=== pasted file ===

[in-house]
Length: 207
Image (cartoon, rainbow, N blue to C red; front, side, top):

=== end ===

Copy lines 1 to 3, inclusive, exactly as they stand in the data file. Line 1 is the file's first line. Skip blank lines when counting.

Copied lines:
[in-house]
Length: 207
Image (cartoon, rainbow, N blue to C red; front, side, top):